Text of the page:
Interview by Marija Butkovic @MarijaButkovic
Charley Rogers is the editor of Education Technology, based in Bristol. A native of South Wales, Charley completed an undergraduate MA at the University of St. Andrews, followed by a postgraduate MA at Cardiff University. Personal interests include neuroscience and virtual reality, tech-heavy cyberpunk sci-fi, and the maintenance of a healthy book obsession.
What does your current job role entail?
I am the editor of Education Technology, a bi-monthly online and print publication covering edtech for the entire education sector. I plan content, commission articles, write features, and attend edtech events and conferences to bring all the latest news in the edtech sector to teachers, lecturers, headteachers, and IT directors in education.
What does the #WomenInTech movement mean to you? What are the challenges of being a woman in STEM industry?
For me, #WomenInTech means celebrating the female contribution to a male-dominated industry, and encouraging young women to have the confidence to enter into STEM careers should they choose.
Often the challenges of being a woman in STEM seem to be grounded in societal norms, and the idea that science, engineering, and mathematics are ‘subjects for men’. The issue of being taken seriously in the workplace, and building and maintaining a career around family commitments also appear to affect women more heavily than men. Again, as societal mores develop through movements such as #WomenInTech, hopefully so shall these issues become easier.
How do we get more girls into STEM and what are the key challenges and issues that need to be addressed before we even start solving the problem?
One of the key issues in encouraging girls and young women into STEM is the approach taken, and the dialogue that is built. Although encouraging women into the STEM industries is important and beneficial to society as a whole, there is always a risk of introducing positive discrimination, and doing more damage than good by making women feel as though they may have succeeded due to their gender, rather than their talents. This is exactly what we want to avoid.
The issues of confidence and access to career knowledge are also key players in this discussion. These not only affects women, but also larger demographics, and as such the #WomenInTech movement could happily work in tandem with other outreach programmes to tackle this issue more widely.
Would you say companies and organisations are doing enough to encourage women to pursue their career in STEM? What's role of education here?
The recent focus on gender equality across companies and organisations in the UK and further afield means that there is encouraging exposure for this cause. However, again, a lot of the issues that prevent women from entering into STEM are systemic rather than organisation-specific, and as such education plays a huge role in preparing girls to tackle whatever career path they choose, and making sure they are confident in doing so, mistakes and all.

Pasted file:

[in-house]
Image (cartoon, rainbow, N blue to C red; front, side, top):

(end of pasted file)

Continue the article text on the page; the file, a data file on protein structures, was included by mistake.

In your opinion, what will be the key trends in the STEM industry in the next 5 years and where do you see it heading?
It’s always tough to imagine the future of tech, since it moves so quickly, and there are so many great minds out there coming up with innovative projects. But based on current developments, I think a continuation of the push for more women in STEM is incredibly likely, and also a focus on how to continue to use tech for general life wellbeing and balance – definitely a huge issue in the western world! In general, I think the STEM industry will continue to grow at this rapid rate, and we will see our world become ever more symbiotic.
What is the most important piece of advice you can give to all women in STEM, but also female founders and female entrepreneurs out there?
Keep trying! So many women are plagued by perfectionism, and the feeling that they need to be the role model Everywoman in STEM to prove a point, but that’s not the case. Part of getting to where you want to be is failing, and learning to get over it, to get around it. I think having the confidence to give things a go means you’re so much more likely to reach your goals, no matter what they are.
Also, surrounding yourself with a supportive network of people who understand what you’re trying to do is invaluable. This might be a group of other women in STEAM, a friend who is always there for you, or a strong family network. These people might be local to you, or might be on the other side of the world – it doesn’t matter! Chat over Skype, email each other, or meet up for coffee. The important part is knowing there’s someone out there that has your back.
Who are your 3 inspirational women in STEM / STEAM?
Dr. Frauke Pelz, Associate Specialist in Medical Genetics at the Institute of Medical Genetics in Cardiff, Dr. Ashwaq Muharram, a Yemeni doctor providing aid to residents of war-torn Yemen, and Jessica Sandler, PETA’s Vice President for Regulatory Testing.
This interview was conducted by Marija Butkovic, Digital Marketing and PR strategist, founder and CEO of Women of Wearables and Kisha Smart Umbrella. She regularly writes and speaks on topics of wearable tech, fashion tech, IoT, entrepreneurship and diversity. Visit marijabutkovic.co.uk or follow Marija on Twitter @MarijaButkovic @Women_Wearables @GetKisha.